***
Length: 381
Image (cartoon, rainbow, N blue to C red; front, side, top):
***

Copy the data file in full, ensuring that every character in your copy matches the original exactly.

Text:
Length: 381
Image (cartoon, rainbow, N blue to C red; front, side, top):